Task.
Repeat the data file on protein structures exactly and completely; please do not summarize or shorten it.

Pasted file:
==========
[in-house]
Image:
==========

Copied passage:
[in-house]
Image: